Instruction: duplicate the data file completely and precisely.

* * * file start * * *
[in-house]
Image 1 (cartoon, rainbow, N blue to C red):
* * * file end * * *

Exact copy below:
[in-house]
Image 1 (cartoon, rainbow, N blue to C red):